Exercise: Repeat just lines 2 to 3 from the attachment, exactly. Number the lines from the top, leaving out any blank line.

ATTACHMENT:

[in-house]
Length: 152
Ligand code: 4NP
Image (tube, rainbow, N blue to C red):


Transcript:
Length: 152
Ligand code: 4NP